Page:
Either it’s just plain coincidence or a slap in the face of fossil fuels, but doesn’t it figure that the largest wind farm in North America will be built in Carbon County, Wyoming? Well, it does. If all goes according to plan, the billionaire US businessman Philip Anschutz will be the proud owner of two 500-turbine wind farms in — oh, the irony — Carbon County, Wyoming.
At a price tag of $5 billion, together they’ll have generating capacity of 3,000 megawatts or enough to supply almost 900,000 homes. Wowsers, that’s a lot of wind, especially for a guy who made his fortune partly in oilfields.
Where Did This Gigantic Wind Farm Come From?
When you think of wind and billionaires these days, you almost automatically think of Warren Buffett (or, alternatively, Donald Trump). However, Anschutz has been working on the Wyoming wind farm projects since at least 2008, when CleanTechnica noted that his namesake company, the Anschutz Corp., had acquired the rights to the proposed TransWest Express transmission line.
At the time, the project was described as a 2,000 megawatt wind farm to be built partly on Anschutz’s own ranch.
Fast forward to last year, and CleanTechnica was calling it a 500 square mile, 3,000 megawatt wind farm topping out at $8 billion, presumably including the cost of the transmission line.
Wind Power & The Power Company of Wyoming, LLC
When we said that Anschutz would be the proud owner of the largest wind farm in North America, that was shorthand for ownership through the Power Company of Wyoming LLC, a wholly owned subsidiary of Anschutz Corp., so let’s turn to a page at the PCW website for the rest of the details.
Back in 2012, PCW obtained a decision from the Department of the Interior that approved two nearby locations for wind energy development, Sierra Madre and Chokecherry.
According to PCW, and as illustrated by the map above, the site consists of about half public and half private land, including parts of a 320,000 acre tract owned by the The Overland Trail Cattle Company (TOTC). A working cattle ranch, the TOTC property encompasses the Sierra Madre part of the project.
Anschutz owns the TOTC property, which he bought in 1996 through his oilfield company, Anschutz Exploration. In 2005, he was rumored to have it up for sale, but apparently he caught the wind energy bug and decided to stay on.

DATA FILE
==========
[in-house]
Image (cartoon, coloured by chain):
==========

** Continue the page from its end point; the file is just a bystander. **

By 2006, PCW was filing applications for right-of-way permits with the Bureau of Land Management for wind energy site testing.
More to the point, Wyoming happens to have some of the best wind resources in the US, and according to PCW, Anschutz’s ranch has some of the best wind in Wyoming.
At one point, PCW was considering wind turbines of about 328 feet tall, with blades up to 200 feet long. Considering how quickly tall wind turbine technology is advancing, it’s possible that the final design could go taller.
On the other hand, the wind turbines have been sited to avoid visibility from public access areas, so it’s possible that when it comes down to selecting a turbine vendor, PCW could lop a few feet off the final height.
Further complicating matters is figuring out where to put 1,000 wind turbines without spooking the sage grouse who call the area home.
However, the project appears to be progressing smoothly along its timeline. The latest update targets the second half of this year for the Bureau of Land Management to publish the draft Site-Specific EA2 for Phase I wind turbines (each of the sites will be built out in two phases).
The company also expects the US Fish and Wildlife Service will publish its Draft EIS some time before the end of this year.
As for the “Carbon” in Carbon County, the location of the soon-to-be largest wind farm in North America in that county is more than ironic, it’s a foundational illustration of the US transition out of coal.
According to WyoHistory.org, the name Carbon does refer to the county’s rich coal mining past. At the turn of the 19th century, Carbon County was the second-largest coal-producing county in Wyoming, though it dropped off considerably throughout the 20th century.
The Powder River Basin is currently Wyoming’s best-known coal region, but it looks like trouble is brewing there, too.
An article published just last week by the Institute for Energy Economics and Financial Analysis cites two railroad executives who predict that Powder River coal will be history sooner rather than later.
Speaking of the demise of fossil fuels, while backers of the Keystone XL tar sands oil pipelinecontinue to tout the benefits of the notorious project, the Anschutz/PCW wind farm projects blows away the pipeline in terms of job creation.
Keystone XL, which would bring tar sands crude from Canada down through the heartland of the US to refineries on the Gulf Coast, is expected to result in about three dozen permanent US jobs.
According to PCW, the new wind farm project will create up to 300-400 construction jobs in the initial two-year pre-installation phase. When it’s time to install the wind turbines, there will be up to 1,200 jobs. Once the project is up and running, PCW anticipates at least 114 direct operations jobs.
If all this is starting to ring some bells, the Chokecherry and Sierra Madre sites were included in President Obama’s 2012 list of seven significant renewable energy projects that create new infrastructure and new jobs, foreshadowing the Administration’s more recent steamroller-style environmental initiatives.
Source: CleanTechnica. Reproduced with permission.